Changing career paths from medicine to dentistry was the hardest decision of my life. Cultural and familial expectations made me pursue medicine. After some personal reflection, though, I realized that my heart, my convictions and my talents belong in a dental career.
Growing up, my family and culture stressed certain educational paths. My role models were the physicians in our family who encouraged me to follow in their footsteps. Our close bond and passion for the biological sciences pushed me, my twin brother and my cousin all toward medicine. All roads seemed implicitly to point to the medical field.
With hard work and blind determination I prepared for medical school. I felt a combination of fear of not fulfilling my family’s dream for me and hope that I could create a better life for both me and my parents. I became so focused on achieving my goals that I never really took the time to reflect on whether or not it was the right fit. It wasn’t until the medical school admissions process that I realized I had some concerns.
To start, medicine is a science of uncertainty. Knowing my particular inclination for orderliness and accuracy, I would be uneasy if I couldn’t give my patients a definitive answer and provide them a solution when their health was in my hands.
After speaking to my aunt about my concerns, she introduced me to her dentist, who was gracious enough to allow me to shadow him. I quickly discovered that dentistry is more aligned with my interests and a better fit for me. I love the mechanics, precision and repetition. The refined focus in dental work will allow me to perfect my skills and proudly contribute to society.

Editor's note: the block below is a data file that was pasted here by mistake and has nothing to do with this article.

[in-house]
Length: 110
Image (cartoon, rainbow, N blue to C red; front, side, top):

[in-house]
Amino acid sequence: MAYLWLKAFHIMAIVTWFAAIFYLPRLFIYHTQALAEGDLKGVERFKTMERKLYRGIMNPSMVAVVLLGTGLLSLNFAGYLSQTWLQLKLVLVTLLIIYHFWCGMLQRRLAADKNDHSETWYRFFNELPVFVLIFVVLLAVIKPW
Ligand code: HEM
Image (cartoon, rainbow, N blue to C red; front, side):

Soon after I found dentistry, I received an acceptance letter from the medical school of my choice. I took it as a sign that it was meant to be after all. It wasn’t. For three months I worked as hard as I always have. I excelled in my studies, but I wasn’t being fair to myself. I wasn’t striving for something that I was passionate about because I knew that I belonged elsewhere. Ultimately, I couldn’t deny myself that happiness.
I was nervous about making the change. I didn’t want to disappoint my family, and I had worked so hard to get into medical school that I felt bad quitting. As hard as the decision was, it was also one of the best decisions I have made. I am honored to be a member of a profession that relieves pain, promotes patient health and earns brilliant smiles. As in medicine, the emphasis in dentistry is still the patient’s well-being.
The best piece of advice I wish I had been given as an undergraduate student is to take the time to learn as much as you can about the profession. Take the time to talk to many dentists and dental students. Get involved in as many dentistry-related opportunities as possible. Make sure that you want to be a dentist and that it’s the best fit for you. Above all, be sure that your heart is in it. Make the most of your experience and it will pay off.
~ Hawa Chopan, UCLA ’19
About Hawa Chopan
Hawa is a second-year dental student at UCLA. She currently serves as chapter Pre-Dental Outreach Co-Chair. She went to medical school for three months, is a minute older than her twin brother and enjoys dancing, eating and Netflix binges after exams.